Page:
How many H-1B nonimmigrant visas remain under the CAP for FY2012 beginning October 1, 2011?

Answer #1
As of August 12, 2011, there were approximately 39,700 H-1B Regular CAP subject nonimmigrant visas remaining and 5,300 H-1B Masters Exemption nonimmigrant visas remaining. USCIS will continue to accept both cap-subject petitions and advanced degree petitions until a sufficient number of H-1B petitions have been received to reach the statutory limits, taking into account the fact that some of these petitions may be denied, revoked, or withdrawn. For continuous FY2012 H-1B Cap updates, please refer to our www.h1bvisalawyerblog.com.


Question #2 – Family Based Immigration – Green Card
My wife and I, USC, are from El Salvador and we are going for vacation this weekend for a few weeks back to El Salvador. We have an adult child who still lives in El Salvador with his wife and children – we are interested in bringing him over here to the United States. Can you let us know what time period we would be looking at for bringing him over here as a Permanent Resident?

Answer #2
According to the September Visa Bulletin which is effective beginning September 1, 2011, the Family Based third preference category (F3) for all chargeability areas except China, India, Mexico and the Philippines, is backlogged, this means, that you must wait until a visa becomes available, until the priority date becomes current. Individuals in that preference category with priority dates of August 22, 2001 and earlier are being serviced. Accordingly, you would be looking at a time period of approximately 10+ years, if not longer, as it all depends upon the availability of immigrant visas. The priority dates in each category and for each country can change each month. However, please note that the priority dates can also stay the same. They can move very slowly or progress by several months or years. They can move forward or backward. Therefore, there is no way to anticipate what the priority date will be in a future month or when a category will become current.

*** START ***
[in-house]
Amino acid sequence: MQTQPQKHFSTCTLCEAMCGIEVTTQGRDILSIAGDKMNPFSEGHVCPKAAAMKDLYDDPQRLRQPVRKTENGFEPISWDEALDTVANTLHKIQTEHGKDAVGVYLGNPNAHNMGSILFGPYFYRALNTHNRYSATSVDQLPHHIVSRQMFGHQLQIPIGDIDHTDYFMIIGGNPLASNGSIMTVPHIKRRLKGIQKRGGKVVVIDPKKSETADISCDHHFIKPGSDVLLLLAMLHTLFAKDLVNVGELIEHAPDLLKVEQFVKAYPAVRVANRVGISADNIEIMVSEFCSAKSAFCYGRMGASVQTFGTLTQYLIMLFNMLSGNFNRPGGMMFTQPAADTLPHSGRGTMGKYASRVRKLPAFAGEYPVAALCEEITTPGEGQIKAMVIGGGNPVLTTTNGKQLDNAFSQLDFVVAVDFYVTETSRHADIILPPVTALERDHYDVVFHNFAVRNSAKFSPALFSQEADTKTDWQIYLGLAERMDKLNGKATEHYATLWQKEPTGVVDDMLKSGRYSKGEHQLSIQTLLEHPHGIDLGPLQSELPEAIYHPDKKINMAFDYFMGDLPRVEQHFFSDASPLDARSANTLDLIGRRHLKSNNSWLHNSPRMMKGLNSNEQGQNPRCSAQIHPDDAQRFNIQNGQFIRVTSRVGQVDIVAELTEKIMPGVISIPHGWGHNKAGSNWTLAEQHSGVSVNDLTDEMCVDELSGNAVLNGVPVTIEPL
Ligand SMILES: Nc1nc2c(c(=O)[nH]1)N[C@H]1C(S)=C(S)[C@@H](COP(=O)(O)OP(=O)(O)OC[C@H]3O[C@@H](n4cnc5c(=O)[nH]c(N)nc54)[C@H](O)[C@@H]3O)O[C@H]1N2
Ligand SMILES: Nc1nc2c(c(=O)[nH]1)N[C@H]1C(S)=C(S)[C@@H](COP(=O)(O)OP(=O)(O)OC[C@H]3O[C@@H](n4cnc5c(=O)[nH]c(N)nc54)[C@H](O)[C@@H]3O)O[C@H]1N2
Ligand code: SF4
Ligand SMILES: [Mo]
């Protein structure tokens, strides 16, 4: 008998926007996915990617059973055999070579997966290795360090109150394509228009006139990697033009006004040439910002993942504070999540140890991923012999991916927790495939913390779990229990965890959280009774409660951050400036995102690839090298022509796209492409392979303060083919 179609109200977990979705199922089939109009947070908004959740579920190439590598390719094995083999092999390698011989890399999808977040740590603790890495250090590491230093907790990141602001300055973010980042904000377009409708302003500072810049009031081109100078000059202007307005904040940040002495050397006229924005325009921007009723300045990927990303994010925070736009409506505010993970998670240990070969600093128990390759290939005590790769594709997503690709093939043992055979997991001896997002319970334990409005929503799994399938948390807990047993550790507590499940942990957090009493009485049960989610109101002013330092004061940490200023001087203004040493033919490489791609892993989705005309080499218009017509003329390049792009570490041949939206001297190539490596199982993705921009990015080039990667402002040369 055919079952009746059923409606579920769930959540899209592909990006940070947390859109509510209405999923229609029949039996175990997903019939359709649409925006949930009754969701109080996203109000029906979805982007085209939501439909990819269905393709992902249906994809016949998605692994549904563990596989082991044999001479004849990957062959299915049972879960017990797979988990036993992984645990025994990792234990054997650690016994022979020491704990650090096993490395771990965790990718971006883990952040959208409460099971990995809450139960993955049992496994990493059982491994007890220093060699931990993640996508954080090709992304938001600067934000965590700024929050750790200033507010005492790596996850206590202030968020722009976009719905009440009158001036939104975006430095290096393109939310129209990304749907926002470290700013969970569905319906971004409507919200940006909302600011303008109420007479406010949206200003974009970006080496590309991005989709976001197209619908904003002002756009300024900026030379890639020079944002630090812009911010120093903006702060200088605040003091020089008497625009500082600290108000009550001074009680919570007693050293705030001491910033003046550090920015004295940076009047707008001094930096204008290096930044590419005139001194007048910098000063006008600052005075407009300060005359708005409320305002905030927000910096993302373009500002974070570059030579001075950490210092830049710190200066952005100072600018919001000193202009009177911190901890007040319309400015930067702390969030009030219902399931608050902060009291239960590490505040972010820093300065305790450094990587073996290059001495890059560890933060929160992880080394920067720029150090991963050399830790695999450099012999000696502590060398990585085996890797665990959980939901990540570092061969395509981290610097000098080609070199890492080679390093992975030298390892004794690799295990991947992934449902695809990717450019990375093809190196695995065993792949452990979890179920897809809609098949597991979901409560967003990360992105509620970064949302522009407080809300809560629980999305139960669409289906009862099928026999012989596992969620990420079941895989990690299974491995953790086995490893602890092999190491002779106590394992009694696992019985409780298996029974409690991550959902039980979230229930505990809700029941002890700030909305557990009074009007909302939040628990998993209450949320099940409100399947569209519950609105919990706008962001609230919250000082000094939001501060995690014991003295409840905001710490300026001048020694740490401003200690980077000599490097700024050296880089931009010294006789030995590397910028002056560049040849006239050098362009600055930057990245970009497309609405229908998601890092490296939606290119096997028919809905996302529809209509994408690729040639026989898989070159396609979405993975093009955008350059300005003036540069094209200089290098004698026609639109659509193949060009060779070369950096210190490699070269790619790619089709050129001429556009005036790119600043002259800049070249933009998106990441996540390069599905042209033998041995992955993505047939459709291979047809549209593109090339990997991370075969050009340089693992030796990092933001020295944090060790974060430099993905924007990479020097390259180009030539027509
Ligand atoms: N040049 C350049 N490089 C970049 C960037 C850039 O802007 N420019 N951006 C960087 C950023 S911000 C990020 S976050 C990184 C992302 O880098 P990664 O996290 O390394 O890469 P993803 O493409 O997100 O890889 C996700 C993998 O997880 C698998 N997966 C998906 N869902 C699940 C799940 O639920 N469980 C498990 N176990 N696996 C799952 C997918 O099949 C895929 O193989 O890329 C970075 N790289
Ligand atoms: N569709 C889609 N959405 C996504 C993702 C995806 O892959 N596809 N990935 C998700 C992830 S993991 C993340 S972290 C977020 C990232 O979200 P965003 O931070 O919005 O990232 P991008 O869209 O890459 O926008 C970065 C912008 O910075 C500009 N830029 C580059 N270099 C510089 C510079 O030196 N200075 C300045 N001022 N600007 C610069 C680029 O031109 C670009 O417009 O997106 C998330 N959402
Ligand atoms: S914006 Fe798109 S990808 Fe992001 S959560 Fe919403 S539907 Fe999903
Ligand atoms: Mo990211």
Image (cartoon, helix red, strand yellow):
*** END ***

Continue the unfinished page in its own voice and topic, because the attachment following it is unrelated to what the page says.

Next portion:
Question #3 – General
I work for a company in San Bernardino, CA, a pharmaceutical company. They have expressed an interest in sponsoring my green card. I have a few friends in Maryland who used your firm for other immigration services and I wanted to know if I could use your firm also to process my green card? With me in California and your firm in Maryland, is it legal, can we do this?

Answer #3
MVP Law Group is an innovative law firm that provides business immigration services to corporations, universities, hospitals, and other organizations, as well as, entrepreneurs and individuals.. Immigration law is federal in nature (i.e., no state or provincial law is involved), therefore, our firm is able to provide U.S. business immigration services to clients located anywhere in the United States and around the world. If you would like to schedule a consultation to discuss your particular situation, please contact our office.


Question #4 – Employment Based Immigration – Green Card